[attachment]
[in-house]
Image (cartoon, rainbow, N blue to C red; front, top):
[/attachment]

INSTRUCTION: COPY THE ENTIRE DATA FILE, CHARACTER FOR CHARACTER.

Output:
[in-house]
Image (cartoon, rainbow, N blue to C red; front, top):